In the period when Kovačič submitted his request to our office, a stricter, more restricted regime was in effect in relation to today’s transparency and accessibility to public information marked as confidential. Today, most probably, the procedure would have been different, although I still cannot state that the final decision would have been different, even though today there are certainly more possibilities to present even confidential information to the public”, explained the information commissioner Pirc-Musar.

She stated that according to her assessment, the practice in the majority of states in the world regarding the discloser of statistics on confidential information is similar to her decision in “Kovačič’s example”.

“In the majority of states the statistics (regarding the secret services) are marked as secret; and especially cautious in revealing such information are small countries, because from the volume of the work one can determine the power of a secret service. Except USA, I do not know for any other country in which the statistics on the work of secret services were public by themselves” cited Nataša Pirc-Musar.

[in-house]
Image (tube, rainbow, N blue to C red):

She did not want to estimate whether the Slovenian control of secret services was really at the level of modern European practice.  However, she recalled that, while, in 2005, (when Kovačič was denied information on the work of the local secret service) the Slovenian legislature regarding the accessibility of public information “has not been in discord with the EU practice”, the current “amended” law is – “one of the best in the world”.

Concerning the accessibility of statistics on the work of secret services in Europe, in a conversation with Ljubljana University lecturers relating to security, we found out that there are better examples then the Slovenian.  Yearly reports on the use of secret methods are a practice in the English speaking countries, as well as in some other states. Statistics regarding the use of secret means and methods are publicly reported in Australia, Canada, France, New Zealand, Sweden, Great Britain and USA. One of the most liberal countries regarding the accessibility of public information in the mentioned field is Greece, while some other countries like Germany or Holland are rather reserved regarding satisfying the public interest in gaining even basic information about the work of a secret service.

Holland, has for example in 2003, rejected the possibility of gathering data on interception, this according to the estimation of critics in well-known organizations for privacy rights “was not unusual, because Holland has one of the highest interception rates in European Union”.